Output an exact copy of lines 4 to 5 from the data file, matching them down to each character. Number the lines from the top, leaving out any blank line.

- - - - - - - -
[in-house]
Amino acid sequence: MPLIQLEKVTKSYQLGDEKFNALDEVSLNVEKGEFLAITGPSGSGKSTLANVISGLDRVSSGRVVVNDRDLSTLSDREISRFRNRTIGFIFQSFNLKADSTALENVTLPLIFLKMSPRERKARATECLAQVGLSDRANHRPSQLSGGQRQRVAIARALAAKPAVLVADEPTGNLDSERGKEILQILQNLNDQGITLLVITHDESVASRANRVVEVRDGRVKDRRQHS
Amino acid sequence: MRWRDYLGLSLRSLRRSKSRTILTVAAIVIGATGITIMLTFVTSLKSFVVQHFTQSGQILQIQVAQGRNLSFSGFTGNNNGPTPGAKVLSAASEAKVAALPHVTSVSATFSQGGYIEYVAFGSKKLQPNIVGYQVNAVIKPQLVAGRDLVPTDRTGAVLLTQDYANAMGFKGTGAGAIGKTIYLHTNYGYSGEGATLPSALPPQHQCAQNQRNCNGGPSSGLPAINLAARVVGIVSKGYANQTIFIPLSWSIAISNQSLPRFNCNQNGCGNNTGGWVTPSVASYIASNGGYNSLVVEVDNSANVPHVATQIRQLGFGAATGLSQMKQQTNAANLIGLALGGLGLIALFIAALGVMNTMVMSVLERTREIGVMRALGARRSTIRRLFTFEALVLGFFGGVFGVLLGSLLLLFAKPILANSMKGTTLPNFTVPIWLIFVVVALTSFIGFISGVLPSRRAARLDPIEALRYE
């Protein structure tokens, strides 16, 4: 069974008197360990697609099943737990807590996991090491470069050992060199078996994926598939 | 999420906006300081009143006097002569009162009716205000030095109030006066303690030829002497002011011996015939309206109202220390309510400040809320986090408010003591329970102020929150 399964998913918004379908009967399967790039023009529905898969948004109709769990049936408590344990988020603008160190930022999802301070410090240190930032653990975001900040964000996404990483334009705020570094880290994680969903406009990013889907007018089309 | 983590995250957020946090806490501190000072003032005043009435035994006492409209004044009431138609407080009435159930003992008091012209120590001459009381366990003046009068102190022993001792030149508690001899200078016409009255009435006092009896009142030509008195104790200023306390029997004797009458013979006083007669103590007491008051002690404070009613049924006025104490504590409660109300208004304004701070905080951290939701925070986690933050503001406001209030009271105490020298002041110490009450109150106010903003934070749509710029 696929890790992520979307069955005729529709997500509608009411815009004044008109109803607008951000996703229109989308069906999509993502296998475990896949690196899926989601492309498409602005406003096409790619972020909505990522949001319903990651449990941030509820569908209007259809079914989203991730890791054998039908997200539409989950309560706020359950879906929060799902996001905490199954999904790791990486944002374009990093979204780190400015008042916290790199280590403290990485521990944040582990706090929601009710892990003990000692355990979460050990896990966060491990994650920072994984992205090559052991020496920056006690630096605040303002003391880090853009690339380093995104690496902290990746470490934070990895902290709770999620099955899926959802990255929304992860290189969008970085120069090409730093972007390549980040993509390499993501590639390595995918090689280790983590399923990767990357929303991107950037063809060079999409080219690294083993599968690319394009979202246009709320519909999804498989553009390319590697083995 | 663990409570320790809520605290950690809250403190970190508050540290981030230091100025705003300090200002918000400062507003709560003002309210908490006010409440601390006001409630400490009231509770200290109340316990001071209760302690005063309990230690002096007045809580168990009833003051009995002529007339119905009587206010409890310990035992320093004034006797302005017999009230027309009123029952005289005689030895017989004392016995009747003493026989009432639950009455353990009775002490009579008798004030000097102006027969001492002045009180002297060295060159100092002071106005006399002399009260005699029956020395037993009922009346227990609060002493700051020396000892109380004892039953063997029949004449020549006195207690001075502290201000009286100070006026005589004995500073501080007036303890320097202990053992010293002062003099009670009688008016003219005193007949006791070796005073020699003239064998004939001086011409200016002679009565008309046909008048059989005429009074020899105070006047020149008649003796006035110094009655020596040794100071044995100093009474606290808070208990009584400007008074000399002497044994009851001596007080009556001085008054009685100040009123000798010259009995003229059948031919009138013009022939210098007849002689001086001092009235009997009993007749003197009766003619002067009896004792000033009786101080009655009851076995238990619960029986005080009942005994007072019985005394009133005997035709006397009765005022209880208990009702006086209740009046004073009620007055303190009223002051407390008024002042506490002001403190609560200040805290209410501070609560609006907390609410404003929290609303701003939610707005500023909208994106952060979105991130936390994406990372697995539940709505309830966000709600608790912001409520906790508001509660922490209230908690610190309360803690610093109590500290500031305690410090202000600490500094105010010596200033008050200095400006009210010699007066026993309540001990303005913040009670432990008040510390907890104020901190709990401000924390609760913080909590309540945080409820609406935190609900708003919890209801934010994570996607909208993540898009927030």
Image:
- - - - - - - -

């Protein structure tokens, strides 16, 4: 069974008197360990697609099943737990807590996991090491470069050992060199078996994926598939 | 999420906006300081009143006097002569009162009716205000030095109030006066303690030829002497002011011996015939309206109202220390309510400040809320986090408010003591329970102020929150 399964998913918004379908009967399967790039023009529905898969948004109709769990049936408590344990988020603008160190930022999802301070410090240190930032653990975001900040964000996404990483334009705020570094880290994680969903406009990013889907007018089309 | 983590995250957020946090806490501190000072003032005043009435035994006492409209004044009431138609407080009435159930003992008091012209120590001459009381366990003046009068102190022993001792030149508690001899200078016409009255009435006092009896009142030509008195104790200023306390029997004797009458013979006083007669103590007491008051002690404070009613049924006025104490504590409660109300208004304004701070905080951290939701925070986690933050503001406001209030009271105490020298002041110490009450109150106010903003934070749509710029 696929890790992520979307069955005729529709997500509608009411815009004044008109109803607008951000996703229109989308069906999509993502296998475990896949690196899926989601492309498409602005406003096409790619972020909505990522949001319903990651449990941030509820569908209007259809079914989203991730890791054998039908997200539409989950309560706020359950879906929060799902996001905490199954999904790791990486944002374009990093979204780190400015008042916290790199280590403290990485521990944040582990706090929601009710892990003990000692355990979460050990896990966060491990994650920072994984992205090559052991020496920056006690630096605040303002003391880090853009690339380093995104690496902290990746470490934070990895902290709770999620099955899926959802990255929304992860290189969008970085120069090409730093972007390549980040993509390499993501590639390595995918090689280790983590399923990767990357929303991107950037063809060079999409080219690294083993599968690319394009979202246009709320519909999804498989553009390319590697083995 | 663990409570320790809520605290950690809250403190970190508050540290981030230091100025705003300090200002918000400062507003709560003002309210908490006010409440601390006001409630400490009231509770200290109340316990001071209760302690005063309990230690002096007045809580168990009833003051009995002529007339119905009587206010409890310990035992320093004034006797302005017999009230027309009123029952005289005689030895017989004392016995009747003493026989009432639950009455353990009775002490009579008798004030000097102006027969001492002045009180002297060295060159100092002071106005006399002399009260005699029956020395037993009922009346227990609060002493700051020396000892109380004892039953063997029949004449020549006195207690001075502290201000009286100070006026005589004995500073501080007036303890320097202990053992010293002062003099009670009688008016003219005193007949006791070796005073020699003239064998004939001086011409200016002679009565008309046909008048059989005429009074020899105070006047020149008649003796006035110094009655020596040794100071044995100093009474606290808070208990009584400007008074000399002497044994009851001596007080009556001085008054009685100040009123000798010259009995003229059948031919009138013009022939210098007849002689001086001092009235009997009993007749003197009766003619002067009896004792000033009786101080009655009851076995238990619960029986005080009942005994007072019985005394009133005997035709006397009765005022209880208990009702006086209740009046004073009620007055303190009223002051407390008024002042506490002001403190609560200040805290209410501070609560609006907390609410404003929290609303701003939610707005500023909208994106952060979105991130936390994406990372697995539940709505309830966000709600608790912001409520906790508001509660922490209230908690610190309360803690610093109590500290500031305690410090202000600490500094105010010596200033008050200095400006009210010699007066026993309540001990303005913040009670432990008040510390907890104020901190709990401000924390609760913080909590309540945080409820609406935190609900708003919890209801934010994570996607909208993540898009927030």
Image: